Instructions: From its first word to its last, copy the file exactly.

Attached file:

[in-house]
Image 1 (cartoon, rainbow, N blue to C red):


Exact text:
[in-house]
Image 1 (cartoon, rainbow, N blue to C red):